In Olduvai, Africa, several times traveled while searching was being carried out, the fossil that would mark the history of paleontology was resting, at that time a song was popularized with the name of Lucy and at the time, Dr. Leakey gave his name to the fossil of a 2.5 million year old female. Also called Lucy the probe that began to fly is a mission to visit the oldest asteroids in the Solar System among the "Trojans", (sometime it will among the "Greeks") that are subject to the Lagrange points L4 and L5 and they are so called because they are families of asteroids whose orbits are almost similar and bear the names of the Trojan heroes some and Greeks the others, although there is a Trojan among the Greeks and a Greek among the Trojans and as the mission is somewhat different from the others, there will be some novelty.-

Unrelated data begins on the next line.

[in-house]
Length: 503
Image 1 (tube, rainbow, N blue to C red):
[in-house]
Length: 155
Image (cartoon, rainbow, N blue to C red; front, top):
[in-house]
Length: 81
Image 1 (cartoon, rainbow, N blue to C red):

"" prey "in another of them.

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Re: APOD: Lucy Launches to Eight Asteroids (2021 Oct 20)

Post by neufer » Wed Oct 20, 2021 1:46 pm

https://www.kennedyspacecenter.com/blog/snoopy-charlie-brown-and-apollo-10 wrote:
Snoopy, Charlie Brown and Apollo 10
Published on May 16, 2019 by Alaina

<<On May 18, 1969, Apollo 10 astronauts Thomas Stafford, Gene Cernan and John Young launched from (what was then) Cape Kennedy’s Launch Pad 39B. Apollo 10 was a complete “dress rehearsal” Moon landing, without actually making contact with the lunar surface. It was an important mission as Apollo 11 would not be ready to land on the Moon as planned without Apollo 10’s run-through.